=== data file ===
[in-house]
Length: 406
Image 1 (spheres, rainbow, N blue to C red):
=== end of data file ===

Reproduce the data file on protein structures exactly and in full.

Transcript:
[in-house]
Length: 406
Image 1 (spheres, rainbow, N blue to C red):